What You Need to Know
- The Alliance for Lifetime Income surveyed users of a web forum set up by Jean Chatzky.
- About 68% of the participants had an annual household income over $100,000, and 68% had at least $250,000 in investable assets.
- About 55% of the women with partners said they are in charge of household retirement planning.
Many women like to think of themselves as taking charge of household financial matters, but a majority are hazy about how they will pay the bills later in life.
The Alliance for Lifetime Income has published data on women’s income planning gap in a summary of the results from a recent online survey of 1,000 women who participate in the HerMoney personal finance web forum. The alliance represents annuity writers and distributors.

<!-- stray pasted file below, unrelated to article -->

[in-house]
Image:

About 48% of the survey participants had graduate degrees, 68% had an annual household income of $100,000 or more, 68% had investable assets of $250,000 or more, and 43% agreed with the statement, “I have a financial plan for my future.”
In spite of the participants’ interest in personal finance, just 34% said they had a retirement income plan.
Women’s lack of use of retirement income planning could affect their husbands, too.
About 48% of the survey participants who had partners said they had primary responsibility for retirement planning for their households, and 55% of the women who said they usually shared money management responsibilities with partners said they manage household retirement planning, rather than simply sharing responsibility for that with their spouses or partners.
What It Means
The bad news: Even many women who take personal finance seriously enough to be regulars on a personal finance forum are deer in the headlights when it comes to income planning.
The good news, for you: You don’t have to wrestle women away from top-level income planners to build an income planning practice.